Momentum Spotlight: Sarah Engel

Sarah Engel, Buffaltopia Map Circa 1500, Mixed Media

Featuring young artists ages 30 and younger working in all media in Oklahoma, Momentum OKC opens March 4 & 5. 

Three artists were selected as Spotlight artists to develop in-depth projects, Sarah Engel, Alexandra Knox, and JP Morrison. The artists, who were chosen from proposals, each receive an honorarium of $1,750 and several months of interaction with the curators. This year’s curators are Clint Stone and Erinn Gavaghan. We will feature each Spotlight artist in a brief profile and video, to be posted in a few weeks, to help introduce their work and ideas to the public. 

Sarah Engel, Norman
Sarah Engel in her studio
Project Concept: Ghosts of Buffaltopia Past, Present and Future
“What if buffalos were the dominant species?” That question is the driving concept of Engel’s project. 
She said in her proposal that the conceptreferences Sir Thomas More’s Utopia, a work published in 1516, a time coinciding with The Reformation and the invention of the printing press. The culmination of these events reshaped society. My project reflects on the effects of such abrupt changes in technology and environment, and tension within disparities both caused and resolved by presumed progress.  In reality, American buffalo were slaughtered from an estimated 60,000,000 in 1492 to about 550 in 1889. The number has slowly risen via human intervention.” 
Artist:
Engel has exhibited her artwork at the Norman Park Foundation’s Tree Show, multiple exhibitions in the Lightwell Gallery, and MSC Forsyth Galleries in Bryan, TX.  Also a homebuilt musical instrument enthusiast, Engel is a BFA Media Art major at the University of Oklahoma who expect to graduate this spring.  She won a 2010 Student Award of Excellence from the Oklahoma Visual Arts Coalition. She also has a solo exhibition called Cigar Box Guitar Stars: Return of the Homebuilt Musical Instrument at Sonder Music in Norman this April.
Sarah Engel, Moon Landing Article, Digital
Elements:
Engel’s project will include images of famous buffalo leaders, celebrities and events. Significant objects from scientific and historical events accompany these pictures in museum display cases.  Filled with historical maps, paintings, photographs and fabricated artifacts, the “museum” will fill a temporary room approximately 8’ square.

Challenges:
Knowing Engel’s attempt to recreate a museum experience curator Clint Stone posed the question, “How would buffalos display their artifacts?  What is the different of working with hooves?” On a more serious note, the curators have pressed Engel to focus on a small portion of the history she hopes to encapsulate to keep the project more manageable.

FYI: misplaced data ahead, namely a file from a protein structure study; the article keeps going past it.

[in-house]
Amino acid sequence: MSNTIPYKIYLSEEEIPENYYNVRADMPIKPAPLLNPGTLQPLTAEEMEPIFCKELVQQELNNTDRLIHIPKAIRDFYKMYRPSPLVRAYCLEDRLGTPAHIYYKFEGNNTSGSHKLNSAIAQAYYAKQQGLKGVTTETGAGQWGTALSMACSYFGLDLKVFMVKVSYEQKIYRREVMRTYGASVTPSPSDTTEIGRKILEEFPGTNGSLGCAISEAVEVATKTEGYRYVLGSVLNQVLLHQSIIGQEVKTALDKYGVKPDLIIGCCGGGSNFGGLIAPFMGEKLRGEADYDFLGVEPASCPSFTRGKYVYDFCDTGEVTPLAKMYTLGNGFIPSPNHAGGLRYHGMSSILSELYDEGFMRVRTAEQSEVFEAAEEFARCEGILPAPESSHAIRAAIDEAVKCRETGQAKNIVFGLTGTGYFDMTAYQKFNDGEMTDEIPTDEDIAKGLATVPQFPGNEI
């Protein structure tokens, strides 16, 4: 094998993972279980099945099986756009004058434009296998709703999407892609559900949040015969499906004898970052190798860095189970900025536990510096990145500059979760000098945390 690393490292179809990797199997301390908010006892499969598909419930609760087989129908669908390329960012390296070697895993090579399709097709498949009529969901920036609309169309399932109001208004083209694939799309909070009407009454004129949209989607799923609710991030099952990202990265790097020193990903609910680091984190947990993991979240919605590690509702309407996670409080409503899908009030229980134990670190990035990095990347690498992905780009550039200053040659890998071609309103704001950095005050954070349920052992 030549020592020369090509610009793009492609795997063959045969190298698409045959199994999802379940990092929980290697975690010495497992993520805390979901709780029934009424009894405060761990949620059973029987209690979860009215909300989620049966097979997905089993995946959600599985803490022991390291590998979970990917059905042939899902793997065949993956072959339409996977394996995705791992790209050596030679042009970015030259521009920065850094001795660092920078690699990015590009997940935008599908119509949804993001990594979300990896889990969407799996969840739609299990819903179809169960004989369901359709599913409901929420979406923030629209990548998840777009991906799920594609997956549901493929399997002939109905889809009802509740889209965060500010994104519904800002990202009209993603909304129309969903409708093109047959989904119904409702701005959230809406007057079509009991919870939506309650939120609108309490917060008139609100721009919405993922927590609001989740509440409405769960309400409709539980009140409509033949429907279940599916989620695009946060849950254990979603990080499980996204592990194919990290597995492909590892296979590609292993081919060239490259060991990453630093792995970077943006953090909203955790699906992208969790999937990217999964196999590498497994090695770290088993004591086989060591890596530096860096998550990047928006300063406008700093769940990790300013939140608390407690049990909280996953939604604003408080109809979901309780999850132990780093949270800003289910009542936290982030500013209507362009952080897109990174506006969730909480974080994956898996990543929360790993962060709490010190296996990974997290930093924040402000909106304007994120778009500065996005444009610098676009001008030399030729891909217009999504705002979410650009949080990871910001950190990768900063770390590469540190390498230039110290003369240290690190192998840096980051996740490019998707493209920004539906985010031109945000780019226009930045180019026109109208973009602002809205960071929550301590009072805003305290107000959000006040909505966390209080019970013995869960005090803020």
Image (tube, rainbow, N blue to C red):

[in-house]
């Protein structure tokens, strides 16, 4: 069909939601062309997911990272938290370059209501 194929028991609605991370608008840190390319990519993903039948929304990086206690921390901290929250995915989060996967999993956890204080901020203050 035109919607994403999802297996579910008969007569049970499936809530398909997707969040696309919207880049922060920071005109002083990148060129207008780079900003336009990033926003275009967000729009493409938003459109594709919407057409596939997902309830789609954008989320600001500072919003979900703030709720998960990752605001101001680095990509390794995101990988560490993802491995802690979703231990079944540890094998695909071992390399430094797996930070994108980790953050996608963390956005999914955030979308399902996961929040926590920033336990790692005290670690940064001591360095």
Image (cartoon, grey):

Momentum OKC 2011 will open March 4 and 5 at the Farmer’s Public Market. Visit www.MomentumOklahoma.org for more information. Read more about the Spotlight artists in the forthcoming issue of Art Focus Oklahoma that will be posted online on March 1.
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Meet the Momentum Curators: Erinn Gavaghan

Erinn Gavaghan

Erinn Gavaghan serves as the Emerging Curator for Momentum OKC 2011.  OVAC recruits up-and-coming curators to assist the guest curator in working with artists who receive the Spotlight commissioned projects and overseeing the vision for the general juried exhibition.  See yesterday’s post for a profile of Guest Curator Clint Stone.
She became the Executive Director of the Norman Arts Council in 2010. There she provides leadership in all aspects of operations including planning their events and marketing.  Gavaghan received her MA in Art History and Criticism at Webster University, St. Louis, MO, in 2010.
Gavaghan (left) touring site
with JP Morrison
 
Previously, she worked as Manager of Donor Relations and Events at the Contemporary Art Museum St. Louis, St. Louis, MO.  Besides managing individual giving and cultivation, she oversaw the Contemporary Collectors program, including coordinating educational programming and travel programming to art fairs such as Art Basel Miami and The Armory Show and exclusive gallery and museum tours across the country

Before moving to St. Louis, Gavaghan worked for Ballet Oklahoma directing special events and volunteers and spent several years teaching photography at City Arts Center. 

Momentum OKC will take place March 4 & 5 at the Farmer’s Public Market, 311 S. Klein Ave in downtown OKC.  Artwork entries are due February 7 at 5 pm. See the full call for entries here

Bright Colors & Mind: Sandra Langenkamp

Guest Author: Richard Wills, Tulsa Art Studio Tour Committee Member
Tulsa Art Studio Tour artist Sandra Langenkamp (photo by RC Morrison)

From bright colors to elegant forms, and sometimes witty commentary, Sandra Langenkamp’s work shows the full versatility that her skill allows. An obvious student of art history, Langenkamp has studied several artistic styles, but is heavily influenced by Matisse. 

Tulsa Art Studio Tour artist Sandra Langenkamp (photo by RC Morrison) 
Her art represents the world that surrounds us from her cattle to the trips she takes with her husband.  Langenkamp will create an image that is stylized for the culture it represents while at the same time letting her artistic voice come shinning through.  While Langenkamp spends a majority of her time painting, she also enjoys working with ceramics and sculpture, imitating the style and craftsmanship of many different cultures.

Meet & see the working studio of Langenkamp along with 10 other artists on April 21-22, noon until 5 pm on the Tulsa Art Studio Tour. Read more in Art Focus Oklahomamagazine or purchase tickets here www.TulsaArtStudioTour.org